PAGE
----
Screening Ultrasound Improves Breast Cancer Detection in Dense Breasts

Posted on March 8th, 2009 by

Screening Ultrasound Improves Breast Cancer Detection in Dense Breasts

The addition of ultrasound for the screening of breast cancer significantly improves detection rates among women who have dense breast tissue. These results were recently reported in the Journal of the American Medical Association.

Dense breast tissue is associated with an increased risk of developing breast cancer. As well, breast cancer can be difficult to detect in dense breasts: the majority of very early breast cancers are not identified by mammography alone among women with dense breast tissue. Therefore, researchers have been evaluating ways in which to provide more effective and accurate screening for breast cancer among women with dense breast tissue.

Researchers from 21 different medical institutions recently conducted a clinical study to evaluate the effectiveness of a one-time ultrasound screening in addition to mammography for the screening of breast cancer among 2,809 women with dense breast tissue. Each patient underwent both mammography and ultrasound. The following findings were observed:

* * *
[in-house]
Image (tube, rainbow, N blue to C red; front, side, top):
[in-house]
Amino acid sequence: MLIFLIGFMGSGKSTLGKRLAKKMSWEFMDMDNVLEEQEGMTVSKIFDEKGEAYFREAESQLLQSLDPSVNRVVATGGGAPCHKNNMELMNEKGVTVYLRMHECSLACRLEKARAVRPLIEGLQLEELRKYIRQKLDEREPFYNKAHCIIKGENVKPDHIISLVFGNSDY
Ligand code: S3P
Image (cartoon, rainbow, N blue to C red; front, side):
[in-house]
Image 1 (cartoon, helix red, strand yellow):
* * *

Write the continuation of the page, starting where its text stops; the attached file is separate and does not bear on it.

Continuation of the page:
• The addition of ultrasound to mammography significantly increased the ability to detect breast cancer.

• Ultrasound also resulted in a greater number of false-positive readings (a false reading that cancer is present when it is not).

• The main benefit of ultrasound is the detection of small breast cancers that have not yet spread to lymph nodes in women with very dense breast tissue.

The researchers concluded: “The detection benefit of a single screening ultrasound in women at elevated risk of breast cancer is now well validated”. However, researchers caution that further studies are necessary to provide screening guidelines using ultrasound, particularly due to the increase in false-positive readings.

Patients with dense breast tissue may wish to speak with their physician regarding participation in a clinical trial further evaluating ultrasound or other novel screening methods for breast cancer. Two sources of information regarding ongoing clinical trials include the National Cancer Institute (http://www.cancer.gov) and http://www.eCancerTrials.com.

Reference: Berg W, Blume J, Cormack J, et al. Combined screening with ultrasound and mammography vs mammography alone in women at elevated risk of breast cancer. Journal of the American Medical Association. 2008; 299: 21512163.

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